The word Ayurveda comes from the Sanskrit word ‘ayur’ meaning life and ‘veda’ meaning to know. It is a philosophical and spiritual health tradition that has been practised in India for at least 5,000 years, and is still part of their healthcare system today.
A holistic approach, with the focus on preventative health through lifestyle, exercise, treatments and nutrition, its ideas have been absorbed by our wellness industry in the West.
In spas, you can experience blissfully relaxing or energising Ayurveda-based treatments, such as four-handed massages and head massages, or enjoy healthy Ayurveda-inspired dishes. If you want to join the rich and famous on an Ayurvedic retreat, be prepared to live simply rather than luxuriously, with strict diets, challenging health drinks, yoga and spiritual practices such as meditation.
The teachings of Ayurveda are believed to have been passed from the gods to sages, seers and teachers in hymn form 10,000 years ago, then spread from generation to generation of physicians in the Indian subcontinent. Ayurveda flourished in the Vedic period (1500 to 600 BC) and Buddha (550 BC) was a follower. It is said that Ayurveda influenced Western medicine when Alexander the Great took Indian doctors back to Greece with him.
Ayurveda went into decline after the invasion of the Muslims which began around the 8th century. In 1947, when India gained its independence from British rule, Ayurveda saw a revival. It is now recognised as a complementary medicine, although there is no criterion training or regulation of Ayurvedic practitioners, and research around it is largely considered pseudoscientific.
Ayurvedic theory is based on three mind/ body types or doshas, each a dynamic system of personality, energy, attitude, and lifestyle choices, as well as physical and emotional strengths and weaknesses. Your Ayurvedic practitioner will determine your dosha type – most people have one predominant – and prescribe lifestyle and diet routines that will keep you happy, healthy and balanced.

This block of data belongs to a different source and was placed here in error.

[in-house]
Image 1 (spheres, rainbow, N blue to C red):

Vata - ether and air
Slender, lively Vata types are active, busy and creative. When in balance, they are inspired and energetic, full of joy and enthusiasm. When out of balance they can be anxious, impulsive and prone to burn-out.
Diet: The key is warming up and slowing down, so slow-cooked food, warming herbs such as cinnamon, cloves and ginger. Choose meals that are nourishing and easy to digest. Berries, fruits, rice, nuts and dairy products are good for pacifying Vatas.
Lifestyle: Maintain regular habits and routines, get plenty of rest and sleep, play soothing music and favour warm colours. Exercise intensity should be moderate, so go for meditative yoga, Tai Chi, walking and swimming.
Pitta - fire and water
Fiery Pitta types are entrepreneurial, smart and organised, but can be domineering and touchy. Body type is medium sized, with fair skin. When all is harmonious, Pittas feel content, orderly and focused. When off kilter, they are prone to tantrums.
Diet: Stress and fiery temperaments can lead to upset stomachs. Avoid spicy foods, alcohol, tobacco and fried food. Eat fresh green and orange vegetables, and watery, sweet fruits.
Lifestyle: Moderation is key. Aim to achieve a good work/life balance. Go easy on yourself and others and find time to meditate. Wear cool colours and connect with nature, either through walking, gardening or keeping indoor plants.
Kapha - water and earth
Easy-going, sensual Kapha types are compassionate and relaxed, if a tad possessive and lazy. Body type is hourglass, usually with large, soft eyes and a low, gentle voice. When the energies are aligned, Kapha types feel peace, love and stability. Out of balance, they can be insecure, jealous and take longer to cool right down.
Diet: Go for spicy and light dishes instead of sweet or oily ones to kickstart your sluggish energies. Drink ginger and lemon tea, and use lots of spices with heat when you cook, such as black pepper, ginger, cumin and chilli.
Lifestyle:Be more active, give yourself plenty of challenges and new experiences. Use warm scents, and surround yourself with yellows, oranges and reds.
Marma Points were traditionally called bindu, and each opens a channel to the body’s biochemistry. The focus of a marma point massage is to manipulate subtle energy or ‘prana’ to boost circulation, promote lymph flow and soothe muscles. There are said to be 107 marma points on the body.
Chakras are wheels of energy located on specific areas of the body. Yogic practises, meditation and treatments in Ayurveda aim to keep the chakras open or unblocked.
The Chakras of Matter
Crown (purple): The Sahasrara, 7th Chakra, enlightenment
Third Eye (dark blue): The Ajna, 6th Chakra, intuition
Throat (light blue): The Vishuddha, 5th Chakra, verbal expression
Heart (green): Anahata, 4th Chakra, love and connection
Solar Plexus (yellow): The Manipura, 3rd Chakra, personal power
Sacral (orange): The Svadhisthana, 2nd Chakra, sexuality and creativity
Root (red): The Muladhara, 1st Chakra, stability and security